LSU entered as a three-score favorite against the Arkansas Razorbacks on Saturday, but the game proved to be much tougher than that as the Tigers had to overcome a slow start and a 10-point first-half deficit to win 34-31 with a field goal in the final seconds.
That was the wildest result in the SEC of the week. In the league’s biggest game, Alabama won comfortably 24-10 over Ole Miss. Meanwhile, Texas A&M, South Carolina and Kentucky all also earned wins over SEC foes.
We still only have a small sample size from SEC play, but now that every team in the league except Missouri has played at least one conference matchup, we’re starting to get a better idea of where these teams stack up.
Here are our SEC power rankings following the conclusion of Week 4.
Vanderbilt Commodores (2-3, 0-1 SEC)
The Commodores’ loss to Kentucky wasn’t even really as close as the final 45-28 score would imply. Despite some struggles offensively from the Wildcats, Vanderbilt fell in an early 24-0 hole from which it never emerged.
Quarterback AJ Swann, who had been the team’s lone bright spot, struggled mightily. He completed just 16 of 40 passes for 189 yards, and he tossed three interceptions.
Clark Lea faces an uphill battle in Nashville, but this team doesn’t seem to be building off last season’s momentum.
Auburn Tigers (3-1, 0-1 SEC)
Auburn is truly fortunate to be 3-1 on the year given its abysmal showing against Texas A&M and the fact that it probably should have lost what was a very strange game to Cal in Week 2.
Against teams that aren’t UMass and Samford, this offense has been horrifically bad. Payton Thorne, Robby Ashford and Holden Geriner all played in this game, but they went a combined 9 of 23 for just 56 yards. Brian Battie and Jarquez Hunter had solid production on the ground, but that wasn’t particularly helpful in a game where the Tigers fell behind early.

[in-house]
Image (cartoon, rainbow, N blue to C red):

This looks like a team that’s really going to struggle against higher-level SEC opponents, starting with Georgia next weekend.
Mississippi State Bulldogs (2-2, 0-2 SEC)
No one wants to be 0-2 to start conference play, but there could be some reason to be cautiously optimistic about the Bulldogs after a hard-fought 37-30 loss to South Carolina. It’s too early to say for sure, but it seems coach Zach Arnett may be reversing course on the move away from the air raid.
Will Rogers attempted 48 passes, a season-high by a wide stretch, and he rewarded Mississippi State with 487 passing yards. It’s clear Arnett doesn’t think this is a viable strategy long-term, but with a veteran QB in Rogers, it’s probably his best bet to salvage a decent season in 2023.
Arkansas Razorbacks (2-2, 0-1 SEC)
It’s hard to know whether Arkansas’ offense took a step forward or if LSU’s secondary may just be suspect, but regardless, Saturday was about as encouraging a performance as this team could have had in a losing effort.
KJ Jefferson had a good game, and the offense didn’t really seem to miss Raheim Sanders. The Razorbacks held up on defense well in the first half but just couldn’t quite do enough to slow down an LSU offense that may be one of the nation’s best.